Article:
I don't have an accent, which is unusual because common thinking is that everyone has an accent. Linguists differ on just who does and does not have an accent but their estimates are all very high (96%+) on just how many of us do have one. I do not. I learned this from someone who would know.
In 1968 I was a student in Germany. My professor there was a wonderful gentleman named Guenther Spaltmann. He was a native german, an accomplished artist and an truly gifted linguist. He had taught himself over a dozen languages; he was an interpreter at the peace negotiations after World War II, where each speech had to be translated live into English, German, French, Russian and Italian.
On our first day of german language class, Herr Doktor had us each introduce ourselves in german.
"Guten Morgen, Ich bin Tim Lavalli."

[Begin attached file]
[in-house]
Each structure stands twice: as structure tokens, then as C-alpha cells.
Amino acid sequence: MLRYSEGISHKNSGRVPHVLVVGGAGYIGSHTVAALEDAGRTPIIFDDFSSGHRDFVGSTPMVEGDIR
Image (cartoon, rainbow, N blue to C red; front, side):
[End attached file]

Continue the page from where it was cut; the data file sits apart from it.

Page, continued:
Dr. Spaltmann would then tell us where we were born or at least where we lived during our language acquisition years. When I spoke, he said: "You were probably raised west of Detroit but not in a close-in suburb or in eastern Iowa just over the Illinois state line." Apparently those are the two areas of the U.S. that have a complete absence of accent. What was called flat accent.
One might think this is a good quality for public speaking or commercial voice work, but in fact the absence of accent makes one's voice a bit monotonous (as in monotone). You need some inflection and rhythm. When I began teaching in L.A. in the 70s, I added a kind of a cadence to my speech pattern to shake off the monotone. I never really mastered an accent or a dialect but the irregular up and down changes in my voice kept the class awake, most of the time.
For an overwhelmingly cool map of dialects in the US
with clickable pronunciation guides - look here.